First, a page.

Decelerator set a pressured pace up front in the Honeybee, while a little farther back in midpack a runner by the name of NO SUCH WORD (Canadian Frontier) was racing in midpack of her stakes debut. No Such Word found herself running in between and behind horses as she neared the turn, but swung out when her outside rival began dropping back and easily swooped to the front to gallop home for the easy 2 1/2-length score. The bay miss continued to gallop out well in front of her competition past the wire, and trainer Cindy Jones reported following the race that No Such Word was a handful in the test barn. "They couldn't hold her on the ground at the test barn after the race, she was so fresh," Jones admitted. "She just wanted to get back to the barn and eat."

Decelerator faded to fourth, just missing third late and is now likely to go on for the Fantasy, where she'll face not only No Such Word again, but stablemate TIDAL POOL (Yankee Gentleman). That Lukas trainee ran third in the Tiffany Lass to open her three-year-old campaign and schooled a group of allowance rivals by eight lengths at Oaklawn while going a mile. Tidal Pool will be looking to carry that form forward in the Fantasy as she attempts to secure her spot in the Kentucky Oaks starting gate.


Suncoast S./Florida Oaks (G3): DIVA DELITE (Repent) has stamped her mark on Tampa Bay Downs following wins in the February 13 Suncoast S. and Florida Oaks (G3) most recently on March 13, but trainer David Vivien has given every indication that he's going to skip the Kentucky Oaks with the dark bay miss. "I think," he prudently added. "You never know what you're going to do. She's run some hard races, and I've shipped her back and forth with two weeks apart and three weeks apart. She looks excellent, though, so I'm just going to play it by ear. See how she is in three or four weeks and we'll see what she'll do."

Thus, the real story from the Florida Oaks was the scratch of champion juvenile filly SHE BE WILD (Offlee Wild). Trainer Wayne Catalano opted out of the 1 1/16-mile race after a rain storm hit Tampa Bay Downs the day before the race. However, the track was listed as fast when the gates opened on the race. That'll leave She Be Wild with just one dirt prep for the Kentucky Oaks, as Catalano is now pointing his charge for the Ashland on Keeneland's Polytrack. She Be Wild ran a well-beaten fifth in the Forward Gal, her dirt debut, and will be returning to the site of her only other loss to date. She ran second in last year's Alcibiades S. (G1) at Keeneland to Negligee (Northern Afleet), who is expected make her sophomore bow in the Ashland.

Forward Gal S. (G2)/Davona Dale S. (G2): The Forward Gal produced a stellar seven-length winner in BICKERSONS (Silver Deputy), but the Kelly Breen trainee may be more suited to sprint distances following a well-beaten fourth in the one-mile Davona Dale last out. She set the pace in each Gulfstream Park test, ridden out in the Forward Gal but collared in the Davona Dale, and it looks like Breen was paying attention. Bickersons will cut back to six furlongs for Saturday's Cicada S. (G3) at Aqueduct.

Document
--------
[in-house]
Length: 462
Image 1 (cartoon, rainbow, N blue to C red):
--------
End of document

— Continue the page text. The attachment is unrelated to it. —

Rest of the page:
Amen Hallelujah demonstrated that she is just as good -- if not better -- on dirt as she is on all-weather. The Richard Dutrow runner made her dirt bow in the Davona Dale, staying in close attendance to the pacesetting Bickersons while saving ground just off the rail. She dueled her rival into submission as the pair circled the turn and easily drew off to record a dominating 6 1/4-length victory. Amen Hallelujah captured the Santa Ynez S. (G2) on the Pro-Ride in January and is headed for Saturday's Bonnie Miss S. (G2) going 1 1/8 miles at Gulfstream.


I'd just like to point out a few more fillies, and the first one is JOANIE'S CATCH (First Tour), who is exiting runner-up efforts in both the Forward Gal and Davona Dale. In fact, the Barry Rose-conditioned chestnut has run second in six of her last seven starts and will be looking to break that streak with a win in the Bonnie Miss. Her numbers are more than respectable as compared with others she's been running against, and victory could be just around the corner.

DEVIL MAY CARE (Malibu Moon) is a very lightly raced three-year-old, owning just four lifetime starts, most of which came when she was a juvenile. Trained by Todd Pletcher, the bay miss captured last year's Frizette S. (G1) at Belmont Park and proved her dislike for synthetics when running 11th in the Breeders' Cup Juvenile Fillies (G1) at Santa Anita. She wasn't seen again until making her sophomore bow in the Silverbulletday, finishing fifth that day, but probably really needed the race off the 3 1/2-month break. Devil May Care is also starting in the Bonnie Miss and could revive her connections' Kentucky Oaks hopes with a good run.

CHRISTINE DAAE (Giant's Causeway) has been the buzz filly for quite some time, as trainer Patrick Biancone has been effusive in his praise and high hopes for the chestnut. She broke her maiden by 8 3/4 lengths at Gulfstream on January 15, and was scheduled to make her stakes bow in the Davona Dale. However, Biancone scratched her from that event and ran her in a nine-furlong allowance the next day.

Eager from the start, the gleaming lass hurried to the front from her far outside post, but allowed Kitty in a Tizzy (Tiznow) to take the lead on the backstretch. Staying within striking distance just to the outside of the pacesetter, she drew even entering the turn and slowly began pulling off in late stretch. Under a hand ride the entire race, Christine Daae never appeared to encounter any threat. She has a lot to live up to and will get her first shot on Saturday when she'll likely face her first real test in the Bonnie Miss.